TRANSPORT & LOGISTICS OPERATIONS

5G in Transport & Logistics Operations

Efficient operations are, of course, a key part of transport and logistics. But rising costs and shrinking margins have hampered transformation efforts. Considering the sector is estimated to employ over 1.3m people and investment in inland transport has approximately doubled over the last decade to £19bn, the challenge needs to be addressed: 5G offers a one-stop solution. 

The high bandwidth and low latency of 5G networks enable intelligent transport systems. This allows operations to be managed dynamically in real-time, automatically prioritising emergency services, managing occupancy levels and rerouting of traffic to avoid incidents or better manage air pollution levels. Such systems are expected to enable a 10% reduction in the time city commuters spend in traffic jams, saving £880m in lost productivity due to congestion and a 370k metric tonne reduction in carbon emissions each year. 

What’s more, 5G can enable greater safety for workers, unparalleled levels of insight and automation. It allows for the real-time collection of huge environmental data sets, enabling digital twins that can be used to simulate changes to a transport and logistics network, reducing disruption in the pursuit of increased efficiency or maintenance.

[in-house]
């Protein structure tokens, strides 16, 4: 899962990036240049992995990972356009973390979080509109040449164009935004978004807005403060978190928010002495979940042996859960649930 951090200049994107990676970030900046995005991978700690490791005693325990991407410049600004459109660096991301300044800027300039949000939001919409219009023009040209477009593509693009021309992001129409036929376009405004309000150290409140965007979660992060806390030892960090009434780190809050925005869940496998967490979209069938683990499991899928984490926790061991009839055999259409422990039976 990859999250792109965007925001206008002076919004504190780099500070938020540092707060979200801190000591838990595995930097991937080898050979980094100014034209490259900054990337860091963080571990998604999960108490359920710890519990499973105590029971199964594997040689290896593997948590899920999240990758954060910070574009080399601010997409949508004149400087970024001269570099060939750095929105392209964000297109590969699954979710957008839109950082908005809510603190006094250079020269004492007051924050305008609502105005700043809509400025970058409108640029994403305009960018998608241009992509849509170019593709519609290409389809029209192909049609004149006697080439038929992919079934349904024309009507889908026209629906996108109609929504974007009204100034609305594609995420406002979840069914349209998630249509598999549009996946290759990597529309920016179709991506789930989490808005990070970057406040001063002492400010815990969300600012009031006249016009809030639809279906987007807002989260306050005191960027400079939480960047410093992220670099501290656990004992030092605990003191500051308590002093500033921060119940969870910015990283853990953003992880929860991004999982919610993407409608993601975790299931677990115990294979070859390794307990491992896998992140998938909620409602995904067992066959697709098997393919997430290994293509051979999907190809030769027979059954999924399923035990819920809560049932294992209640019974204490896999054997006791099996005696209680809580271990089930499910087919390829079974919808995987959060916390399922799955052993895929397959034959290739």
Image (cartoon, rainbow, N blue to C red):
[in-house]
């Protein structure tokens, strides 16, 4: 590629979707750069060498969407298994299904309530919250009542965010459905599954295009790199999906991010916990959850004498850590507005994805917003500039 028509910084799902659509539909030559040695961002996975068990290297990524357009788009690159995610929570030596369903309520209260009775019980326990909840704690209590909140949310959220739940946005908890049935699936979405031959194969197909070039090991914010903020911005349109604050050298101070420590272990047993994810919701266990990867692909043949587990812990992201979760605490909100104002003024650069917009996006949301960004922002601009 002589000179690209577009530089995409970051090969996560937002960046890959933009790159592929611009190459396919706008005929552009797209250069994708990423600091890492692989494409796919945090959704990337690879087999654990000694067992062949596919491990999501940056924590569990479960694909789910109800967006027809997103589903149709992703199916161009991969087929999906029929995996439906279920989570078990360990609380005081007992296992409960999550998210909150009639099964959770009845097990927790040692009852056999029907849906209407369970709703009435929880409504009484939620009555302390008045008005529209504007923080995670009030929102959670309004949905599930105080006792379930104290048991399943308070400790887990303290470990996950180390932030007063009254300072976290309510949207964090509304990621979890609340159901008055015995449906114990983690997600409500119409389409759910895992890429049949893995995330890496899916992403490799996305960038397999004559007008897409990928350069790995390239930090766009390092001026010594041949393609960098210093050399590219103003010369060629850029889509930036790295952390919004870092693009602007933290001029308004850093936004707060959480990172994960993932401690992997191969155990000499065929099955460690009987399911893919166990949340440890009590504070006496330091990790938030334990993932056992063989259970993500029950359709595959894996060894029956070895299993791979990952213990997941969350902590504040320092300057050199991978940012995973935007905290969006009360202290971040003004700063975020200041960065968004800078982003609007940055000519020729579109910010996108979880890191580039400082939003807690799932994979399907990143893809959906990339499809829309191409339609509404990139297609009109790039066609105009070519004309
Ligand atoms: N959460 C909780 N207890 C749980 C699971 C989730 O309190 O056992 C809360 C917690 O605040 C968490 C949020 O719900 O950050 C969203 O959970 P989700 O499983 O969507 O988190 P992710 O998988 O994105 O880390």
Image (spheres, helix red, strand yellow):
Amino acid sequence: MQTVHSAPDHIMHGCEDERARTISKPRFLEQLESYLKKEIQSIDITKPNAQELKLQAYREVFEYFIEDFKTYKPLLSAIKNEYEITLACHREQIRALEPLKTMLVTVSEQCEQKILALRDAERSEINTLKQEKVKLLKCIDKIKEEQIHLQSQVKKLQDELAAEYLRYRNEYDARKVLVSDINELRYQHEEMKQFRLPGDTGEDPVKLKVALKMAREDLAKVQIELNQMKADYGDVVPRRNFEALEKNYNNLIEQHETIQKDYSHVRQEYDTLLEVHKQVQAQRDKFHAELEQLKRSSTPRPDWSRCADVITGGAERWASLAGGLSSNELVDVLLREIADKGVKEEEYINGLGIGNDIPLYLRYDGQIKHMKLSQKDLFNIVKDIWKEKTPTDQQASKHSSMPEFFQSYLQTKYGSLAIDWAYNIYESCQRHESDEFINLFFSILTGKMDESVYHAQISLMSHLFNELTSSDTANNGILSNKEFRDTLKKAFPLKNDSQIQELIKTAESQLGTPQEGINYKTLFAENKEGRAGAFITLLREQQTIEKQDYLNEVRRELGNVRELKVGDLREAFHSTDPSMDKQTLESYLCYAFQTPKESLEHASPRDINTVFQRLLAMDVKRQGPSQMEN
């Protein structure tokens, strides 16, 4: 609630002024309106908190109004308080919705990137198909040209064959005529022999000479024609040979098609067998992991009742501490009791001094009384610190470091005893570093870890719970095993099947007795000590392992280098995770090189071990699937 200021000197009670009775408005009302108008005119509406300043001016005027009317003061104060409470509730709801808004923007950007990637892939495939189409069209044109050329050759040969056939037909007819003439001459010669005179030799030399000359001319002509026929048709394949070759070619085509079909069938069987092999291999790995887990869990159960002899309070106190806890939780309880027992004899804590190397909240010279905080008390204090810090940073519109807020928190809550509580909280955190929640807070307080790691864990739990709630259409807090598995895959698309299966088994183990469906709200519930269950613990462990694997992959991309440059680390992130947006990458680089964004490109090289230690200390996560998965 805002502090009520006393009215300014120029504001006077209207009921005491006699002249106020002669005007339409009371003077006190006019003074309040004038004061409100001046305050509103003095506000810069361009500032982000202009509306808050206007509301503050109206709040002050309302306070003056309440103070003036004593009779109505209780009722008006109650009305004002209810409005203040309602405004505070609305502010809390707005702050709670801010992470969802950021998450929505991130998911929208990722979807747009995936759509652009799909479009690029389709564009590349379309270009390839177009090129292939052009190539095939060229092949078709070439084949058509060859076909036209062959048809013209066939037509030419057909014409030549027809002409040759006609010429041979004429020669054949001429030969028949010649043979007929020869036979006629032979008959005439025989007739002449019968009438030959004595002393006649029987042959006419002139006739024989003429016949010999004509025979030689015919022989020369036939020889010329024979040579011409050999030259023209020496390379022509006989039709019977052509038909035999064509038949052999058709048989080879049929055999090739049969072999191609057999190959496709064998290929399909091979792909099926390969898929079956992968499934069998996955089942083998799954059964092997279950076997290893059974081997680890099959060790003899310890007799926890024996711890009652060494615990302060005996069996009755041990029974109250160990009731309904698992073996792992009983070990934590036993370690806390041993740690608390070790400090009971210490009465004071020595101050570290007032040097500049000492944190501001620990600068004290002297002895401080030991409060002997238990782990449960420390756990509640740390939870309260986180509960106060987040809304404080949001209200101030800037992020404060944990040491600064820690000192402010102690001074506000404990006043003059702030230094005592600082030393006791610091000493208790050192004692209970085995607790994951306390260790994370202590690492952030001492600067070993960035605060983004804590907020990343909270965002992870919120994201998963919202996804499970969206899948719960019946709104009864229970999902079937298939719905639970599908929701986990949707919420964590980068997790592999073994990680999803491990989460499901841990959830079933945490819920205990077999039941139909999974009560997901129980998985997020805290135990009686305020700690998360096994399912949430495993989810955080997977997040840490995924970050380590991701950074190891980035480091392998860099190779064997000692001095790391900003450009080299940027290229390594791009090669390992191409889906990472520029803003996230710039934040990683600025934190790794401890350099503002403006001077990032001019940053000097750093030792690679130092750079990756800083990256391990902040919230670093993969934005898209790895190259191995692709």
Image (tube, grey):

Road, rail, maritime and aviation can all benefit from the effective, stable connectivity platform that 5G offers.

How Could 5G Help to Manage the Operations of Transport & Logistics?

Digital Twins

5G’s huge bandwidth makes it possible to deploy an unparalleled density of devices, such as cameras to IoT sensors; this provides a richer view of operations for a range of transport networks and facilitates the creation of digital twins (virtual representations that can be used to run models and test “what if?” scenarios in a risk-free environment). Deployment of the network results in fewer time-consuming and costly mistakes. 

Where has this been done?
Automation & Industrial Digital Technologies to Drive Efficiency

From airports to ports, efficient operations are essential to maximise productivity and profits. 5G’s high bandwidth and low latency enables automation and next level operations; this can be useful for drone inspections and deliveries, in addition to augmented reality support. Network slicing additionally guarantees seamless connectivity for critical services.

Where has this been done?
Intelligent Transport Systems

From V2X to smart junctions and traffic lights, 5G can enable intelligent transport systems to optimise travel flow, reduce congestion and travel times, as well as prioritise blue light and preferred transport modes. With dynamic traffic management and intelligent traffic control, areas can keep moving and deliveries run on time; intelligent transport systems require a coordinated framework, with features that support ultra-low latency for warning signals, higher data rates for sharing sensory data between vehicles and infrastructure, high mobility, high reliability, as well as scalability. 5G is the obvious choice.

Where has this been done?
Improving the Safety of the Transport Mode